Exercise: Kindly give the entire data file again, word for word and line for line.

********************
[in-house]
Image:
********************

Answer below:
[in-house]
Image: